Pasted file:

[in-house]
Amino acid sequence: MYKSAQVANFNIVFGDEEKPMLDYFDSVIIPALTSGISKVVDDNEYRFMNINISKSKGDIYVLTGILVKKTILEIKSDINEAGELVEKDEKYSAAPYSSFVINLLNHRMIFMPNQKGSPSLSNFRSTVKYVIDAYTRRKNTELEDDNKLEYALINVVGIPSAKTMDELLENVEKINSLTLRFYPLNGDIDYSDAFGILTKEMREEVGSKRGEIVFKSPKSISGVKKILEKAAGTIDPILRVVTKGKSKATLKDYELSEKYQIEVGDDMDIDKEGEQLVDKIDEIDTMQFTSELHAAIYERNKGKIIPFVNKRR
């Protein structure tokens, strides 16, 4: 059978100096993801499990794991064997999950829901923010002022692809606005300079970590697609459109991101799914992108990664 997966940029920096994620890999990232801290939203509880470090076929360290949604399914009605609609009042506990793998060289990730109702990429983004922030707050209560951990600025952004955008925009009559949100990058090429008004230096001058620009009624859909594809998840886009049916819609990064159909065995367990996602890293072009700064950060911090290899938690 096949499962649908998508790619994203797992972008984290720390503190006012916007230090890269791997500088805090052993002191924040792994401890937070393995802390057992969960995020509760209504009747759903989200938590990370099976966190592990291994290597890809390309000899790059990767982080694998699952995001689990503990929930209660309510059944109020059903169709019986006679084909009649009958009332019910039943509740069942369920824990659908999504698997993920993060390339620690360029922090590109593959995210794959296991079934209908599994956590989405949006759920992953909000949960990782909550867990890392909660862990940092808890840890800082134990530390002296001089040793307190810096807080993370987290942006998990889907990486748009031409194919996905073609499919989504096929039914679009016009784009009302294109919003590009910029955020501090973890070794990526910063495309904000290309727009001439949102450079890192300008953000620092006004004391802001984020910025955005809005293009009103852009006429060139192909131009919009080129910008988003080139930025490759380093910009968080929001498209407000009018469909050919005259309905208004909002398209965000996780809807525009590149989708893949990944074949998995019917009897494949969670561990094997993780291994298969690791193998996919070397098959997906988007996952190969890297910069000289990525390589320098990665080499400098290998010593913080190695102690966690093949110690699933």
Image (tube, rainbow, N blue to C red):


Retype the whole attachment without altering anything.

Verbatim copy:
[in-house]
Amino acid sequence: MYKSAQVANFNIVFGDEEKPMLDYFDSVIIPALTSGISKVVDDNEYRFMNINISKSKGDIYVLTGILVKKTILEIKSDINEAGELVEKDEKYSAAPYSSFVINLLNHRMIFMPNQKGSPSLSNFRSTVKYVIDAYTRRKNTELEDDNKLEYALINVVGIPSAKTMDELLENVEKINSLTLRFYPLNGDIDYSDAFGILTKEMREEVGSKRGEIVFKSPKSISGVKKILEKAAGTIDPILRVVTKGKSKATLKDYELSEKYQIEVGDDMDIDKEGEQLVDKIDEIDTMQFTSELHAAIYERNKGKIIPFVNKRR
């Protein structure tokens, strides 16, 4: 059978100096993801499990794991064997999950829901923010002022692809606005300079970590697609459109991101799914992108990664 997966940029920096994620890999990232801290939203509880470090076929360290949604399914009605609609009042506990793998060289990730109702990429983004922030707050209560951990600025952004955008925009009559949100990058090429008004230096001058620009009624859909594809998840886009049916819609990064159909065995367990996602890293072009700064950060911090290899938690 096949499962649908998508790619994203797992972008984290720390503190006012916007230090890269791997500088805090052993002191924040792994401890937070393995802390057992969960995020509760209504009747759903989200938590990370099976966190592990291994290597890809390309000899790059990767982080694998699952995001689990503990929930209660309510059944109020059903169709019986006679084909009649009958009332019910039943509740069942369920824990659908999504698997993920993060390339620690360029922090590109593959995210794959296991079934209908599994956590989405949006759920992953909000949960990782909550867990890392909660862990940092808890840890800082134990530390002296001089040793307190810096807080993370987290942006998990889907990486748009031409194919996905073609499919989504096929039914679009016009784009009302294109919003590009910029955020501090973890070794990526910063495309904000290309727009001439949102450079890192300008953000620092006004004391802001984020910025955005809005293009009103852009006429060139192909131009919009080129910008988003080139930025490759380093910009968080929001498209407000009018469909050919005259309905208004909002398209965000996780809807525009590149989708893949990944074949998995019917009897494949969670561990094997993780291994298969690791193998996919070397098959997906988007996952190969890297910069000289990525390589320098990665080499400098290998010593913080190695102690966690093949110690699933």
Image (tube, rainbow, N blue to C red):